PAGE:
What I loved even more was the ice cream itself. Miss Six had American Chocolate – which we all enjoyed. I had Pistachio – which we all enjoyed. Miss Nine finished her Carmel & Hazelnut Gelato before I could introduce her to the joys of taxation (‘Mama Tax’).

Have a great Friday! If it’s not so great, ice cream helps….

Craft: fabric colouring set & recycled paper notebook

September 22, 2010 Leave a comment

Craft is something that other people do better than me.

I’m mostly appreciative of other people’s efforts (although please don’t send me any toilet roll dollies) and I know a winner when I see it.

It being spring carnival / school fete season, I thought I’d share two little projects which you might find inspiring. Since a hot glue gun is a weapon in my hands, I won’t pretend to know how to make these items, but will depend upon the picture-being-worth-a-thousand-words saying. So, my four thousand words on craft this week are as follows:

With thanks to readers Lee (for the colouring kit) & Joanna (for the purse-sized notebook).

BHP Billiton finds its soul; or Marius Kloppers sees a business advantage in pricing carbon

September 21, 2010 Leave a comment

Not green, but MEAN. BHP plans to bury its rivals in a State forest near you ...

Has anyone wondered why the CEO of BHP Billiton Australia, Marius Kloppers, was against Kevin Rudd’s CPRS & Resource Super Profits scheme, but this week comes out ahead of anyone else to announce that Australia has to ‘get moving’ on carbon pricing?

Kloppers is a smart man, who out-maneuvered everyone on the recent mining tax negotiations. Keep that in mind, when answering this multiple choice question. And also remember, that a tax is a tax, no matter how many times you rename it, or whether you put happy-feeling words in its title.

So, is Marius Kloppers:
(a) Suddenly mad;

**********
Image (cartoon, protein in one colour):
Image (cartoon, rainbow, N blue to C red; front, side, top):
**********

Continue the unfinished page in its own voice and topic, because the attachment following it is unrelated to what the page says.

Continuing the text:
(b) In secret negotiations with Prime Minister Julia Gillard which could benefit BHP if he were to shout support pre-emptively (Labor modus operandi involves hanging someone else out to test public sentiment & then backing away if it goes badly);
(c) Keenly aware that it would be in the interests of shareholders and BHP to price out smaller competitors;
(d) In Team Julia, not Team Kevin; or
(e) A Greenie.

The Australia where everyone had a chance to ‘have a go’ and where small companies could work hard and grow, might just be behind us. The fact that no-one is shouting “anti-competitive behavior” is most vexing.

Australia: vibrant and competitive one day … dull and anti-competitive the next….

Review: Burn the Floor (choreographed by Jason Gilkison)

September 13, 2010 Leave a comment

This new show, choreographed by Australia’s beloved Jason Gilkison, doesn’t just burn the floor – it burns the house down.

Gilkison has become international hot property, choreographing and judging most recently, on the American and Australian dance show franchise, “So You Think You Can Dance.” I’ll admit to a slight addiction to the show and a great admiration for Gilkison. You can see his style and great Aussie humour in his choreography. Fans of our boys, The Cat Empire will enjoy the Jive number he set to “Fishies“.

The chorie is inspired, the costuming just yummy and the dancing is HOT. The live singing is great and the stage setup is just right. It was non-stop action: one song led into another and there was no intermission. It was the fastest 70 minutes of my life.

The show’s on the Gold Coast at the moment from 26/8 to 31/10, at the Jupiters Hotel & Casino. It’s great value at $59 a ticket or $69 with dinner – and there is no parking fee (compare the Entertainment Centre & Convention Centre, in Brisbane). The show kept the whole family totally engaged – you can take the kids and grandma. As a guide, there aren’t any moments where you wish you’d not brought grandma or kids – nothing that can’t be overcome with a quick pass of the chips and lemonade, according to discretion. [There’s nothing like say, Pink’s rendition of “I Touch Myself” in her last Australian concert, which had parents with children in attendance want to just die – for anyone who didn’t hear about it, you didn’t need to understand International Sign Language to get it – it followed more common conventions… And no, I didn’t take my kids to that one!]

Don’t miss the show. Book here.

P.S. The “Learn to Burn” instructional dance DVD is pretty good for total beginners, especially for those who’d prefer to stumble in private. It’s sold at the show.

Categories: Australia, Dance, Music, Review, Stage

Kid invents eco-car

September 10, 2010 Leave a comment

I recently went on excursion with year ones (as in 6 & 7 year olds) to Brisbane’s GOMA (Gallery of Modern Art) and noticed this poster flashed up on the screen (from another cohort of children, not our year ones). Children had been invited to draw whatever they liked on sheets of card and they were put up on display.

Child explains transport of the future

Give the kid a prize for combining humour with scientific acumen.

PS. How are the ‘green cars’ Toyota was building us for our $35M grant?

Categories: Academia, Art, Australia, Technology